For 10 years out-of-state banks have been able to enter Washington State without buying a bank there or applying for a commercial charter first - even though most come from more stand-offish states.

That is not fair, Washington bankers say. They are now urging lawmakers to forbid out-of-staters from branching in unless their own states make it equally easy.

The Washington Bankers Association is supporting several bills introduced last month in the state Legislature that aim to close loopholes in its interstate branching law.

James Pishue, the president and chief executive of the Washington Bankers Association, said that since 1995, 10 banks headquartered elsewhere have obtained a Washington mutual thrift charter (which is much easier and less expensive to get than a commercial charter) and immediately merged the thrift branch into their commercial operations.

"These bills would end this loophole and put our banks on an equal footing with out-of-state banks," Mr. Pishue said. "We'll gladly let you come here, as long as you allow us to go there."

The bills would let an out-of-state bank open a new branch or buy a branch of a Washington bank only if its headquarters state permits Washington banks to enter it under the same terms. The bills are being considered by House and Senate committees; the legislative session ends April 21.

Branching reciprocity laws are a result of the 1994 Riegle-Neal Interstate Banking and Branching Efficiency Act, which authorized nationwide branching but left regulating the process to states. The federal law does not apply to federal thrifts, which can branch across state lines without regard to entry rules.

None of the 18 states with similar laws border Washington, according to the Conference of State Bank Supervisors. And Washington's neighbors in Oregon are fine with the status quo there; Oregon law bars out-of-staters unless they buy a bank.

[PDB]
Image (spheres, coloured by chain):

Michael V. Paul, the chairman of the Oregon Bankers Association, said regulators had considered proposing a reciprocity measure, but last year bankers made it clear that they do not want one - so the issue has been tabled for now. The concern is that a reciprocity law would deflate the premiums Oregon banks command from out-of-state acquirers, he said.

"We usually support a more laissez-faire attitude toward competition, but this issue has a lot of unanswered questions that could dramatically change the playing field," said Mr. Paul, who is also the president of private-client services at Umpqua Bank, a unit of the $4.9 billion-asset Umpqua Holdings Corp. in Portland, Ore.

Indiana has had a reciprocity law on the books since 1996. Though there are no statistics on whether the law has caused deal prices there to drop, anecdotal evidence suggests that premiums may have been reduced somewhat, said Kirk J. Schreiber, a senior bank analyst at the state's Department of Financial Institutions.

"Premiums generally reflect what the fair market value is," Mr. Schreiber said. "If banks are really wanting to get into the state, they'll pay those premiums.

"However, banks in states that don't have reciprocity laws could be paying higher premiums if they want to get into states like ours."

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